Subject: I have found a CD that I think you would enjoy
|Henri Lazarof, Stephen Mosko, CHRISTOPHER KENDALL|
Lazarof: Four Works for Chamber Ensembles - Divertimento; Concertante II; Suite; Prayers
Listen to Samples
Well-Crafted Pieces; Expert Performances
Christopher Forbes | Brooklyn,, NY | 08/28/2002
(4 out of 5 stars)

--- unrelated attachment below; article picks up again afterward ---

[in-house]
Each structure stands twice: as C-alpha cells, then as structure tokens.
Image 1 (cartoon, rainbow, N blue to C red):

"Henri Lazarof is not a household name, even in modernist households. His music is difficult to classify. It doesn't fall easily into any of the camps of the late 20th century, or the early 21st. He is too chromatic to be a neo-romantic, too complicated to be a minimalist, too tonal to be a neo-expressionist, and too expressive to be a serialist. Rather, he could be classed with composers such as Dutilleux...neither tonal nor non-tonal and interested in strong, allusive music with rich, colorful textures.The works on this album are all commissions from various chamber societies, and are performed for the most part by the commissioning body. Divertimento is a well-crafted, rather light work for a quartet including clarinet, vibraphone, violin and cello. The idiom is chromatic but not serial. Lazarof allows his material to determine the style, rather than the other way around as is so common in modernism. The result is a lovely work, not particularly moving, but charming and always harmonically controlled. The same might be said for the Suite for Solo Percussion and Five Instrumentalists. This is not easy music...it is primarily dissonant and non-tonal. Yet for all of that, it is charming music and relatively light. The percussion part is highly prominant and divided between non-pitched percussion in the first movement, metallic percussion in the second and woods in the third. What particularly impresses in the piece is the thoughtful construction and the control of harmony. Lazarof does not allow his harmonic structures to be determined solely by the melodic structures or rows, as in so many post serial pieces. Rather, the harmonic function is taken into consideration immediately and controlled with craft. This is an extremely enjoyable piece. The high point of the album for me is Prayers for Ten Players. The work revolves around a pair of cellists, placed on either side of the conductor. The cellists dominate each of the six movements, except the fifth, where they don't play at all. The complete ensemble never plays together in the work. Each movement has it's own scoring. But this work is more substantial emotionally than the other works on this disc. From the opening notes, it is a deeply felt, reverent piece. Lazarof explains that he is not interested in a specific program in this work, but rather in a general spiritual experience of being close to the numinous. I believe he suceeds brilliantly in this piece. While not simple-minded or the least bit "new agey" this work manages to plumb the light and dark contrasts in the genuine spiritual experience. I keep coming back to this one, over and over again.The final work on the disc is the Concertante II for for Flute, Oboe, Clainet, Percussion, Piano, Violin, Cello and Contrabass. As in all of the other works, this is expertly crafted. All of the instruments play virtuoso lines, but in ensemble style rather than concerto. The work explores some use of microtones, but remains in Lazarof's totally chromatic but non-serial style. A brilliant ending to an important disc.Lazarof will probably never reach a wide public. His music is too challenging for that. And yet, because he is not systematic, or highly stylistic, he will not appeal to the small market for serialist and post-serialist music either. It's too bad. He is a marvelous composer who repays careful listening with real pleasure. This disc is a great introduction to his music. The performances are top-knotch, involving some of the most well-respected contemporary ensemblesin the country (Collage from Boston, The San Francisco Contemporary Music Ensemble and the 20th Century Consort from Washington, DC). Delos has done a wonderful job capturing the ambience of the concert hall in this disc. Do yourself a favor and listen to this composer. He is wonderful."